The Pen is in Her Hands


  • Ainsley Gill


In Jane Austen's Northanger Abbey, Catherine Morland "cannot be interested in" the "real solemn history" prescribed by the period's educational expectations for young women, instead finding romances to be far more captivating. Through Catherine’s clear preference for Gothic novels over history, Austen highlights a larger shared experience that women of the time had with traditional history texts and emphasizes the merit of novels as being much more capable of speaking to women’s experiences and interests in order to credit these novels for what they truly were to many -an early form of women’s history.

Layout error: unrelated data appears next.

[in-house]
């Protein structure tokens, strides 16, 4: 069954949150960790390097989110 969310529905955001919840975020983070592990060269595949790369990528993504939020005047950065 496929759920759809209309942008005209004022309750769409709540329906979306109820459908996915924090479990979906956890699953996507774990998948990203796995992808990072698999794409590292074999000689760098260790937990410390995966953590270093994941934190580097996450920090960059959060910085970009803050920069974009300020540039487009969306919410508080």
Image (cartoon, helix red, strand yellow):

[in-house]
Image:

For additional context, listen to the author's reflection on the piece below.

Author Biography

Ainsley Gill

Ainsley Gill is a member of the Class of 2025 from Houston, Texas. She plans to major in Political Science and Law, History, & Society with a minor in Gender & Sexuality Studies. On campus, she is a College Scholar and a member of the Vanderbilt Debate Team and the Undergraduate Honor Council. She also enjoys writing for the Vanderbilt Political Review and dancing with VU Pointe.

Author's Reflection



How to Cite

Gill, A. (2022). The Pen is in Her Hands. SCAFFOLD: A SHOWCASE OF VANDERBILT FIRST-YEAR WRITING, 4. Retrieved from